Drawing lessons from fatal SELinux bug #1054350
lists at colorremedies.com
Sat Jan 25 01:27:13 UTC 2014
On Jan 24, 2014, at 4:16 PM, Josh Stone <jistone at redhat.com> wrote:
> On 01/24/2014 01:38 PM, Chris Murphy wrote:
>> On Jan 24, 2014, at 2:58 AM, Sergio Pascual <sergio.pasra at gmail.com
>>> There is a plugin yum-plugin-fs-snapshot, but it requires better
>>> documentation and system integration.
>> Well I'd go a step further and ask some more basic questions how how
>> many snapshots should be bootable, whether systemd-journal should be
>> persistent across snapshots or snapshot specific, what exactly are we
>> snapshotting, can we require /home be separate (presently we don't
>> require it) in order to support such bootable snapshots, on and on.
> I'd also ask where we keep these snapshots, and how do you prevent
> access to them normally. IIRC, yum-plugin-fs-snapshot makes btrfs
> snapshots as a subvolume directly within the filesystem, which means it
> will still be accessible.
It's possible the utility could mount another subvolume not in the present path, including top level ID 5 (the first and default subvolume by mkfs.btrfs), and place snapshots there, and then unmount.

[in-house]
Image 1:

For LVM thinp snapshots, they become completely out of tree LVs. They aren't accessible unless explicitly mounted.
> This concerns me especially in the case of security updates -- for
> example, a vulnerable setuid-root binary should be locked up tight!
The organization question is valid. But sudo or root could just mount any subvolume. However, btrfs read-only snapshots can't be written to even by root. Naturally root could just create a rw snapshot of a ro snapshot and then delete the ro snapshot, but an audit probably ought to show the subvolume UUIDs and creation dates involved so that we'd know this is what happened.
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